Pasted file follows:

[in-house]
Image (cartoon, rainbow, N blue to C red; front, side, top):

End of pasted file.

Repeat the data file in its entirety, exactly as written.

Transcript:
[in-house]
Image (cartoon, rainbow, N blue to C red; front, side, top):